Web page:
In order to better understand the financial knowledge and behaviors of millennials, the University of Arizona study called Arizona Pathways to Life Success for University Students (APLUS), which was launched in 2007 and has been following the lives of a group of UA students who were freshmen then, has revealed a few note-worthy trends. Among them, that more than half of these 23 to 26-year-olds still depend on their parents financially, 49 percent said they work full time, while 20 percent said they work part time or are self-employed. And less than half of those surveyed said they are working traditional jobs with 401(k) options. The study also found that millennials are not following the expected trends that the previous generation did: after graduating college, getting a job, buying a home, getting married, and having kids. "Those were the markers of adulthood in my day," said Joyce Serido, principal investigator.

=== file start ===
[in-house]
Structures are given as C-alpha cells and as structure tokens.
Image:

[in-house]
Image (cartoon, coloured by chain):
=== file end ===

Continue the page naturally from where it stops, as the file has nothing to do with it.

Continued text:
Once upon a time, a spouse, children and a home were among the most typical hallmarks of adulthood. But that definition may be changing.